Something that has been springing up all over the city in recent years is food chains. Generally these are kept at a minimum in Vietnam where local families will open up a small restaurant themselves however food chains are becoming much more common and often provide a higher quality of meal given that they will be more regulated and held up to a higher standard. Pho 24 is the local Vietnamese fast food chain for quick local cuisine on the go that will provide top quality Pho as is Com Tam Moc which mainly serves rice dishes. These chains are more in tune with what we would picture a restaurant to be however the emphasis is very much on getting as many customers in and out as possible and they are more suited to a quick eat than spending any significant time there. Indeed, while these chains will charge more for simple Vietnamese meals – such as Pho – than you would if you ate on the street the quality will be higher and there will be less chance of becoming ill from eating at these establishments.

Coffee and drinks

Coffee is another thing that has been left from the French rule and Vietnam produces some of the most delicious coffee in the world. Coffee shops provide a nice relaxed atmosphere and are quite popular throughout Vietnam given it’s the second largest coffee exporter in the world so be sure to grab a cup while touring the city. Coffee in Vietnam is generally strong and sweet regardless of whether you order traditional coffee or an iced coffee.

Highlands Coffee is a Vietnamese equivalent of Starbucks and the menus is strikingly similar (although one Starbucks has now opened in Ho Chi Minh City) and Gloria Jeans is another international chain that is making headway in the country. In saying that the best way to experience coffee in the city is to look for small Vietnamese outlets selling drinks such as Café Sua Da (coffee with condenses milk and ice) to better appreciate the Vietnamese taste.

If you like iced coffee, iced tea, etc., the ice used in the international chains is normally of good quality. However keep in mind that ice is not always made with clean water in local coffee shops, so it is best to avoid ice at all costs to avoid getting sick.

Many of the café shops also serve the local beer drink so if you are with children or touring with a crowd of mixed interests a café is a great place for the entire group to stop.

Eating Western

The one advantage for many people that Ho Chi Minh City has over the likes of Hanoi is that it is seen as a much more international and multicultural city. Due to this there are more options in terms of eating ‘western’. KFC is present all over the city with many outlets and the quality of food here is more or less on par with back home. The only real difference in the menu is that you can order rice with your meals and the prices are around about the same if not a little cheaper with a large meal being $5 – $6. Lotteria is smaller fast food chain originated from South Korea and the menu is strikingly similar to McDonald’s. Meals from Lotteria are quite cheap however they are usually a bit smaller than the KFC meals in the city.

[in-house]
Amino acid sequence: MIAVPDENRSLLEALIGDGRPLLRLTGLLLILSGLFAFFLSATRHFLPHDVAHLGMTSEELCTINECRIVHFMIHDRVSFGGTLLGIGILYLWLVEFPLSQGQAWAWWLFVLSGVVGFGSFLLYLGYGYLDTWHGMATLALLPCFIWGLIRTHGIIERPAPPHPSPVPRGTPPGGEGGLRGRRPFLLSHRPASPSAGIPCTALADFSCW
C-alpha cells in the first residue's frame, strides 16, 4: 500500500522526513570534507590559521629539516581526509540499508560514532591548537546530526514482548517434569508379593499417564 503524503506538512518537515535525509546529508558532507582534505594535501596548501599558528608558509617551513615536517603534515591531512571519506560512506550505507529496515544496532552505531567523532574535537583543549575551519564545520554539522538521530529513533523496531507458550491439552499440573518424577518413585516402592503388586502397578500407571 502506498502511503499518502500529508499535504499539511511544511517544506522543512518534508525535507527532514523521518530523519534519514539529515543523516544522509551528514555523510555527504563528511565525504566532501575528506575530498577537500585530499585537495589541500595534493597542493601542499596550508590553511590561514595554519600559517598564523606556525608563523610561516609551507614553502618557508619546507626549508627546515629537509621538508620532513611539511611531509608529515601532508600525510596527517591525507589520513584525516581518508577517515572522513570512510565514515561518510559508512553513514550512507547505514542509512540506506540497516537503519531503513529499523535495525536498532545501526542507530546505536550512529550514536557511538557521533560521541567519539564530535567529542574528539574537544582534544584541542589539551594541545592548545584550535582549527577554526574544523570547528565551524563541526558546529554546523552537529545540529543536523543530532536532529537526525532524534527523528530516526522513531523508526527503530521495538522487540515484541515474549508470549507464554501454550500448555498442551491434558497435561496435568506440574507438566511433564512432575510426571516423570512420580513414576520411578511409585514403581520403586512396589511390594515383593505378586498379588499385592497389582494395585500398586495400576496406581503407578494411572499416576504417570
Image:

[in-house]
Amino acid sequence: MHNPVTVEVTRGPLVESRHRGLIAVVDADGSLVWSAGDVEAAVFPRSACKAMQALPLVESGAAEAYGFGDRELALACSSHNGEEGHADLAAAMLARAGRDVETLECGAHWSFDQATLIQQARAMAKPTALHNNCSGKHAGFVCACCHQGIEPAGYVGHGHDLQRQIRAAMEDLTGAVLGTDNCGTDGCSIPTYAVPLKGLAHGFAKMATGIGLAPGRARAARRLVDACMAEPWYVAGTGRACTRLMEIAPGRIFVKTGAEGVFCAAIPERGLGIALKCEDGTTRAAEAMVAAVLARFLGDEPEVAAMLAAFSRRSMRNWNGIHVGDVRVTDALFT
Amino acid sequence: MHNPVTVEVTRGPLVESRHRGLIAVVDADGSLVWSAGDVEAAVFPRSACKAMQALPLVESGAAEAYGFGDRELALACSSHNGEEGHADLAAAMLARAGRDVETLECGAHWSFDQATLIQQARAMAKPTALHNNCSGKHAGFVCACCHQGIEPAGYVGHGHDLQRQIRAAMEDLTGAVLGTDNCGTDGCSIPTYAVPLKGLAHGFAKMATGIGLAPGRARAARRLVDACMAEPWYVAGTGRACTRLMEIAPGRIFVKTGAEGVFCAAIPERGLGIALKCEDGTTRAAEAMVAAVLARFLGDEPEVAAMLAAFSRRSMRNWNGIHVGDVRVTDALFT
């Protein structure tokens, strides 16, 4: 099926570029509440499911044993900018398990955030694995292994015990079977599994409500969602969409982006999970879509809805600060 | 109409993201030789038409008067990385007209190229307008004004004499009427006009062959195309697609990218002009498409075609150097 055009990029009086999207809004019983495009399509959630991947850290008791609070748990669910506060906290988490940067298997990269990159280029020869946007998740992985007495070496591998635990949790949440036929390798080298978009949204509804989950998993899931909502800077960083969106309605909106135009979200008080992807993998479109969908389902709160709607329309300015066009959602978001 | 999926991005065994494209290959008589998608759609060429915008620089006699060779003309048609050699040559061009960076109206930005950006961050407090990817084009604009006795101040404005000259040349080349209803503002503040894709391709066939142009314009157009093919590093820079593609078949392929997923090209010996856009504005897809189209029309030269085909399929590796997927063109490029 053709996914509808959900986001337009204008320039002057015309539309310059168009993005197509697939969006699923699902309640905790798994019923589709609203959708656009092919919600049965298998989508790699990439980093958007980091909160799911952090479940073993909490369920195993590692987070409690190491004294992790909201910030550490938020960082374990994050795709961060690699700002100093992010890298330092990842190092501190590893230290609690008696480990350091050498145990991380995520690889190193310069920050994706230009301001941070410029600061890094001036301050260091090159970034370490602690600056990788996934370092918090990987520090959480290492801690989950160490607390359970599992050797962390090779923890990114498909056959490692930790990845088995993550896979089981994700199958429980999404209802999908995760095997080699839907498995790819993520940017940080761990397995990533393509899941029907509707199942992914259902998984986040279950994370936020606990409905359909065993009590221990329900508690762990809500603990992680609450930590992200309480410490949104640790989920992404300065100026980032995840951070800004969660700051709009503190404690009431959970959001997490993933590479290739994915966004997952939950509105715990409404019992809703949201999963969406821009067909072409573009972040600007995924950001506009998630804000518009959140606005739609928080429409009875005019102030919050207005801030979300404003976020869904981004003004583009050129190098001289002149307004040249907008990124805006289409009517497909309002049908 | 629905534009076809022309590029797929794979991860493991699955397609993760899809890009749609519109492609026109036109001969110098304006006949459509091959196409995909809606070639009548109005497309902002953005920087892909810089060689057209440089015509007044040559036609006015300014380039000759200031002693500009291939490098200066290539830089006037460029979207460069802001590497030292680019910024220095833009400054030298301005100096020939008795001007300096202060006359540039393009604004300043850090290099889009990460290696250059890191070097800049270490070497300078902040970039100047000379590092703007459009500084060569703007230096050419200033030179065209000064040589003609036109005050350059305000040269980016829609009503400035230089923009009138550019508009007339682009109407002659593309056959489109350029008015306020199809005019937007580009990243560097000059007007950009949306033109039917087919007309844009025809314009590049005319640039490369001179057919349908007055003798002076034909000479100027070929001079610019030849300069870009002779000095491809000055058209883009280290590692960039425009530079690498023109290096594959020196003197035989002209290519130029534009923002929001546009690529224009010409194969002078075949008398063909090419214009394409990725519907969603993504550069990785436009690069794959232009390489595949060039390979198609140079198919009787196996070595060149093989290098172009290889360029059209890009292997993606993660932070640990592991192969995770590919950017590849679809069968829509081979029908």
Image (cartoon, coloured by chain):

The Pham Ngu Lao street also offers many quick budget friendly Western menus with the best kept secrets hidden along the alleyways of the lane and not directly on the main restaurant line.

Aside from this there are many restaurants that cater specifically for tourists and expats with western meals. They are generally found around the District 1 area and most will be run by a foreigner so the meals will normally be of good quality. For example The Grill Duxton Restaurant is in District 1 and sells barbequed and grilled meals and My Place is District 3 has a wide selection of western styled foods.

These outlets are going to be more expensive than eating local foods not least because of the nice restaurant styled setting and the fact that the meals are not traditional to Vietnam however normally the prices will be less than back home. With these establishments you can spend some time in the restaurant with its nice surroundings and chilled out atmosphere and while one of the main reasons in coming to Vietnam is to savour the local food it can be a nice break from the ‘in-out’ and fast nature of the Vietnamese local eateries.

Other Things to Consider

Because of the multicultural make up of Ho Chi Minh City then there are many different restaurants and foods from all over the world. Indian food for example is making headways in Vietnam and African food is doing the same with the Bahdja Algerian Restaurant in District 1.

Bakeries are something that has been left over from the French rule and there are many throughout the country serving baked goods such as pastries, cakes, sandwiches and the like. The ABC Bakery on Pham Ngu Lao is perhaps the most well known in the city due to its location with the backpacking hostels and area in Ho Chi Minh City however there are smaller bakery outlets all over.

Some of the higher end restaurants will accept credit and debit cards (credit cards usually incur a 3% fee) however, like visiting any country such as Vietnam, has cash ready to pay.

There are some curious differences between eating out in Ho Chi Minh City and eating out in Hanoi for example. One of these is obviously the food in that the food in the south tends to be spicier. While in Hanoi you can spice up your meal with the chillies that are left in a bowl on the table, food in the south tends to be cooked spicier. Also, whether it is a way to conform to international visitors or just a fundamental different, you won’t see a lot of animals in cages in Ho Chi Minh City as you would in the north. Additionally it can be quite hard to find dog meat in Ho Chi Minh City as establishments try to become more family and tourist friendly whereas it is pretty readily available in the north.

There are so many options available to those who want to eat out in Ho Chi Minh City. Street food is all over the place and is a lot safer than in other cities in the region even if some vendors do practice questionable hygiene standards. The small Vietnamese style restaurants and chains offer traditional meals and a good price but, like we said, are designed to handle a lot of customers so it is get in, eat fast and get out again. For a more relaxed atmosphere then the western styled restaurants are recommended and here you can get a combination of both Vietnamese and western foods for a reasonable price without being hurried in and out the door. Eating out in Vietnam is an experience in itself and, luckily for the travellers to Ho Chi Minh City, the city has a wealth of culinary options.